Reorienting Disclosure Debates in a Post-Citizens United World

Document Type

Book Chapter

Publication Date



Disclosure is often an afterthought in debates about money in politics. Reformers have tended to take disclosure for granted, devoting little time to developing and refining the affirmative case for it. They have also tended to assume that the current disclosure regime is an effective one, at least as far as it goes. Reformers have devoted substantial attention to the holes in the current regime in the post-Citizens United era— so-called “dark” and “gray” money — and have considered ways to bring such activity into the light. Yet even if they are successful, such expansion efforts would only bring more dollars under the auspices of a disclosure regime in need of both stronger conceptual architecture and substantial practical improvements. So closing the gaps in the system is only one aspect of the task. This chapter surveys the doctrine, practice, and empirics of disclosure. It then offers a number of proposals for reforming the reach, quality, and impact of this mode of campaign finance regulation.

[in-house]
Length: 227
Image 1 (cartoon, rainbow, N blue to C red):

Campaign Finance, disclosure

Publication Title

Democracy by the People: Reforming Campaign Finance in America Today